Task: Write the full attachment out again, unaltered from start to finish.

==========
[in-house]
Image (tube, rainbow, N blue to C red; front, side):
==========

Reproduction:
[in-house]
Image (tube, rainbow, N blue to C red; front, side):